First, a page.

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J Cell Biol. 1997 Jun 30;137(7):1651-62.

Dynamics of beta-catenin interactions with APC protein regulate epithelial tubulogenesis.

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  • 1Department of Anatomy, Cardiovascular Research Institute, University of California, San Francisco, California 94143-0452, USA.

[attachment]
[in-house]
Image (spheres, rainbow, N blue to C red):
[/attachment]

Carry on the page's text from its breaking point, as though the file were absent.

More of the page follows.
Epithelial tubulogenesis involves complex cell rearrangements that require control of both cell adhesion and migration, but the molecular mechanisms regulating these processes during tubule development are not well understood. Interactions of the cytoplasmic protein, beta-catenin, with several molecular partners have been shown to be important for cell signaling and cell-cell adhesion. To examine if beta-catenin has a role in tubulogenesis, we tested the effect of expressing NH2-terminal deleted beta-catenins in an MDCK epithelial cell model for tubulogenesis. After one day of treatment, hepatocyte growth factor/scatter factor (HGF/ SF)-stimulated MDCK cysts initiated tubulogenesis by forming many long cell extensions. Expression of NH2-terminal deleted beta-catenins inhibited formation of these cell extensions. Both DeltaN90 beta-catenin, which binds to alpha-catenin, and DeltaN131 beta-catenin, which does not bind to alpha-catenin, inhibited formation of cell extensions and tubule development, indicating that a function of beta-catenin distinct from its role in cadherin-mediated cell-cell adhesion is important for tubulogenesis. In cell extensions from parental cysts, adenomatous polyposis coli (APC) protein was localized in linear arrays and in punctate clusters at the tips of extensions. Inhibition of cell extension formation correlated with the colocalization and accumulation of NH2-terminal deleted beta-catenin in APC protein clusters and the absence of linear arrays of APC protein. Continued HGF/ SF treatment of parental cell MDCK cysts resulted in cell proliferation and reorganization of cell extensions into multicellular tubules. Similar HGF/SF treatment of cysts derived from cells expressing NH2-terminal deleted beta-catenins resulted in cells that proliferated but formed cell aggregates (polyps) within the cyst rather than tubules. Our results demonstrate an unexpected role for beta-catenin in cell migration and indicate that dynamic beta-catenin-APC protein interactions are critical for regulating cell migration during epithelial tubulogenesis.

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